A Happy Horse, of Course!

We do everything else online these days so why not learn how to be happy by taking an online course too!? I had to think about this for a few days, and try to compute what “happy” really means. Especially to a horse. Does a horse think “happy thoughts”? I think with humans, part of the problem is we think too much. Part of being happy is to stop it. “Thinking” too much that is. At least so far as instructions in mind-training go as we are taught to let go of binding attachments to desires and things and just “be”. Yet even when taught to observe the mind as an instrument of desire, we still have wants and needs. It’s part of being human. It depends on what those wants and needs are. Do we want “stuff” or do we want to be of benefit to all beings?

For a horse to be happy, does he have to stop thinking or start thinking? Perhaps with animals, it’s simply a matter of how they respond in the moment as opposed to deciding how they will do everything from selecting a partner to where they will live and work and what they will acquire that will supposedly “make” them happy. They go about their horse-business and seem to be most at peace when they’re turned out in a pasture together and can function as closely to their natural herd behavior as much as possible.

The "herd" waiting to be brought in for dinner.

The “herd” waiting to be brought in for dinner.

What’s interesting about the fundamental ideas behind the “happiness course” is that they sound a lot like the way a herd of horses naturally operates. “Strong social ties”. Check. “A sense of purpose or connection to the greater good”. Check. “Reading people’s emotions”. Oh yes, horses are really good at that too. Do they have compassion? Empathy? I believe many of us who have worked with horses a long time can cite stories of horses displaying all the qualities this course teaches us about being happy. How fascinating!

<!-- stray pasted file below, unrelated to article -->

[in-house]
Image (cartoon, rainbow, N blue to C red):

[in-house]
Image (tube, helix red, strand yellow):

http://www.huffingtonpost.com/2014/04/23/why-thousands-of-people-a_n_5175603.html?utm_hp_ref=mostpopular

“The [course] starts with the idea that happiness and health are fundamentally about strong social connections and being immersed in a strong social community,” says Keltner, citing research that strong social ties can add years to your life. “We’re going to zero in on things that build strong social ties and communities — things like compassion, empathy, how to read people’s emotions, gratitude, charity, generosity and giving.”

The course emphasizes two main (scientifically-proven) keys to happiness: Strong social ties, and a sense of purpose or connection to the greater good.

Granted, the definition of true happiness can be somewhat broad-based and subjective. A quick online search for the definition provided this description:

hap·pi·ness
ˈhapēnis/
noun
the state of being happy.
“she struggled to find happiness in her life”
synonyms: pleasure, contentment, satisfaction, cheerfulness, merriment, gaiety, joy, joyfulness, joviality, jollity, glee, delight, good spirits, lightheartedness, well-being, enjoyment;

For horses, that could translate to the pleasure of eating a bucket full of tasty grain or taking off across the field, bucking and playing as a delighted free spirit with the rest of the herd. Sounds similar to what humans find satisfying and joyful. Eating, playing… it appears all beings might be looking for the same thing.

Can happiness-seeking take a wrong turn? I can see all the heads nodding now.